Posts from  November 2013


11.1.2013

Using invariants to avoid null check insanity

Null checks aren't fun, but even worse are the ever ambiguous run-time NullReferenceExceptions we might otherwise receive.

Variant

Take the following code:

public class Family
{
    public List<string> Names;
}

// consumer creating a family
var family = new Family();
family.Names = new[] {"John", "Jane"}.ToList();

// consumer adding a name
family.Names = family.Names ?? new List<string>();
family.Names.Add("Baby");

// consumer searching names
var searchName = "Bob";
var hasSomeoneNamed = family.Names != null && family.Names.Contains(searchName);


  • Note: each // consumer comment delineates a separate example of using the Family type
  • There's a whole extra line of code just to add a family member!
  • Searching isn't a simple query, it's also a preventative null check and clever usage of the short circuiting && operator.
  • This extra noise is especially confusing to novice programmers.

Invariant

Invariant - "never changing"

A few simple changes can make things much simpler for consumers. If we require a list of names upon creation of a family, we can do the following:

public class Family
{
    public readonly List<string> Names;

    public Family(IEnumerable<string> names)
    {
        Names = names.ToList();
    }
}

  • As a consumer I can see that Names is readonly, which means it can't be changed after creation.
  • Seeing that the constructor also requires a list of names, even if I didn't know the implementation details it would be safe to assume that the names list is never going to be null, unless someone is out to troll me!
  • Even without requiring a list of names, what would be the purpose of a Names list that was always null?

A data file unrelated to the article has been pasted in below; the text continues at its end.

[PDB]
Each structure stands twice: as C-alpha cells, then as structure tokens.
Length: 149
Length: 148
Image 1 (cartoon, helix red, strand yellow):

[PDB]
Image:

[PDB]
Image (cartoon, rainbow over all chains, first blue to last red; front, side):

• We could go further by including this invariant in the class description or with CodeContracts and bring in static analysis support to help avoid null checks, but readonly alone is a great start.

Look at the impact on consumers:

// consumer creating a family
var names = new[] { "John", "Jane" };
var family = new Family(names);

// consumer adding a name
family.Names.Add("Baby");

// consumer searching names
var searchName = "Bob";
var hasSomeoneNamed = family.Names.Contains(searchName);

I'd much rather maintain this code!

One step further with Encapsulation

We could also encapsulate the Names list:

public class Family
{
    protected readonly List<string> Names;

    public Family(IEnumerable<string> names)
    {
        Names = names.ToList();
    }

    public void AddName(string name)
    {
        Names.Add(name);
    }

    public bool HasSomeoneNamed(string searchName)
    {
        return Names.Contains(searchName);
    }
}

Now our consumers don't even have to be aware of the fact that Names exists let alone that it might be null:

// consumer creating a family
var names = new[] { "John", "Jane" };
var family = new Family(names);

// consumer adding a name
family.AddName("Baby");

// consumer searching names
var searchName = "Bob";
var hasSomeoneNamed = family.HasSomeoneNamed(searchName);


  • This is suggested by the principles behind the Law of Demeter.
  • All null checking would be confined to the Family type, thus making it simple to see the lack of necessity.

However, I usually don't go this far:

  • This can lead to a lot of boiler plate code, which itself has readability and maintainability concerns, especially when redefining all the list operations on the Family type (AddName/RemoveName/EnumerateNames etc).
  • I prefer to wait to create methods on types until I see benefits of re-use among consumers and can compare that to the purpose of my type in the first place.

I prefer the invariant only approach, giving consumers the guarantee that Names won't be null and letting them take it from there.

Serialization concerns

  • If you are serializing objects to a database or other medium, be aware of how these impact your invariants.
  • readonly can cause a lot of friction in serialization, if it does, try an auto property with a public getter and protected/private setter, but be aware that deserializers may leave this null.
    • protected/private setters guarantee that at least code consumers aren't modifying the field.
  • I strongly recommend a good understanding of your serializer and possibly even some unit/integration tests to verify this invariant.

Conclusion

Null check insanity is often a sign of design smell, invariants are a great first step in the direction of creating a solid contract between producers and consumers of a type.

It may seem like work to enforce invariants, but the dividends in maintainability and readability are worth it. Think how often you stumble upon null checks, or the lack thereof. Understanding these patterns will make them second nature.